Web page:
Will PRs ruin the Guardian newslist for everybody?
When I first heard that the Guardian was to be posting its daily newslist online (basically, a list of stories they're covering that day, the general gist and who's covering it), I was impressed. I wasn't quite sure whether or not your average reader would care about the organisation's newest demonstration of their 'digital first' strategy, but all in all, I thought: great, brave idea, albeit one that was first launched by a Swedish regional paper called Norran in June this year, as national news editor Dan Roberts was happy to point out.
As with the majority of times I hear about media happenings that particularly interest me, the first thing I did was talk to my long-suffering fiancée about it, to which she replied 'shush, X Factor's on'. (She's much more of a scan-the-Mail-Online-and-comment-on-fading-celebrities-who've-got-fat type of media consumer; you see).
Then, though, I got to thinking a bit more about it.
Forward features lists, while not as widespread as they once were are nothing new, especially from slightly less regular, slower moving publications.
So, how will what is essentially just a daily forward features list be used by our industry?
What if, despite Robert's insistence that journalists won't 'pay much attention to pestering from PR people', we (uncharacteristically) ignore this and bombard them with offers of expert opinion related to their news?
Should we feel we shouldn't approach with spokespeople or other information, even if especially relevant? Or should we be worrying more that pressed PR people, desperate to get results for clients and placate shouty-shouty bosses, will take advantage of the daily newslist to tenuously pitch and in doing so, ruin it for everybody?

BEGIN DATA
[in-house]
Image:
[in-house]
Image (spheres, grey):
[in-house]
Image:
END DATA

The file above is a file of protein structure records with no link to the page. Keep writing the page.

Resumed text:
Today, for example, in the very first newslist, Jess Shepherd is down as writing a piece about how 'iPads and other new tech [are] flooding into our schools'. I'm sure many PR people could think of ways to shoehorn their clients in there to fit in with that particular story, but whether or not they should is another matter. A reader could, for instance, get in touch with their thoughts about tech at their kid's school, good or bad, and instantly prove the newslist's usefulness - or, and this is how I suspect it may go, a hundred vaguely-related tech client pitches will wind Miss Shepherd up to frustration.
A hundred or two more and we may well have one PR-hating hack on the rampage, with no coffee shop left-unturned as she attempts to drown us in our expensive but sensitively sourced skinny lattes.
It's clear that the Guardian is ready to pull the plug on this whole idea if they don't feel it is working - Roberts says so in the announcement. Whether or not 'bad PRs will absolutely positively definitely ruin it', as Alex Wilson, an intern at Dynamo PR thinks - or, it's 'one of the greatest successes of the publishing world' as PR consultant (and former freelance journalist) Sean Fleming think it may well be remains to be seen, but don't be surprised to see a list of repeat offenders blogged about by somebody at The Guardian in coming weeks and months.
Anyway, I'm off to see if we have a client who fancies commenting on the plan to save the Euro and just where they see Slovakia in all of this. Our gift experience day client should be perfect.
|Rich posted on 10/10/2011. Follow Rich on Google+.|